Jimmie (J Metro) Moore is a Singer, Songwriter, Composer, Multi-Instrumentalist and Poet based in Houston, Texas. With 8 Billboard Charting Singles, J Metro has opened for Faith Evans, Brian McKnight, John B, Mary J Blige, Maurice Star, Allen Stone and Bruno Mars. In 2013 J Metro toured West Africa as the headlining American artist in the Jazz A Ouaga Music Festival located in Burkina Faso and was a guest speaker, panelist, and performer at the 2015 World Intellectual Property Organization (WIPO) in Geneva Switzerland. It is with this stunning curriculum that J Metro steps up to the plate with his latest single, “Groove”.
A master class in arranging pianos, bass, and falsetto, fulsome in its wish to connect with an object of desire, condensing a future of possibilities into a metaphor of upper-bourgeois comfort, “Groove” is a new peak for this singer-songwriter. J Metro imagined a new urban soundscape decorated with accents from the past and braided with filigrees of the newly present to the future.
Evolving from an rudimentary and rhythmically lethargic R&B simulacrum to structures that, like a good poet’s command of the sonnet, gives him liberties within the affirmations of sonic form, J Metro has sculpted a molten and fusible sound that will excite just as much as hypnotize.
He pledges his troth to the ladies while letting the listeners worry about specifics. The command of pitch here is a promise fulfilled the show of effort a valentine to the object of desire. This distillation of sound is J Metro at his purest.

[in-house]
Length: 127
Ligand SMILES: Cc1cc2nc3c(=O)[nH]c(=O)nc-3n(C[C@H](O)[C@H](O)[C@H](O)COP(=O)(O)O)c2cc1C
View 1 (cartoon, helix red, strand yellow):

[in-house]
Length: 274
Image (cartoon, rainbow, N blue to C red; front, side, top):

In fact, it’s so subtle, so smooth and so goddamn sexy that it sounds like he’s molded his musical vision to find the very heart of soul music. The track feels invigorated by these new-found timbres. It’s almost as if this song has been around forever, half-finished and fussed over, with J Metro adding and subtracting ideas, until, at last, he found the right sound.
What’s impressive about this record, what is always impressive with J Metro, is the space between the instruments, the restraint, the way every flourish, swell and riff seems to be more streamlined down to its smallest possible size while being given lavish enough production to make it sound like the perfect backdrop to the main instrument – his voice – which touches the listener with sensual tones and a falsetto that can devastate.
His voice on “Groove” is a technical marvel, but delivered with feeling that never comes across as being showy. It’s a new sound but it’s the same old J Metro, an artist who would rather blaze his own paths than travel well-worn roads.